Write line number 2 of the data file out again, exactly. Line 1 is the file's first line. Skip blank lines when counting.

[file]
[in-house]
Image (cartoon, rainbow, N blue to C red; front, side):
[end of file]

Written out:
Image (cartoon, rainbow, N blue to C red; front, side):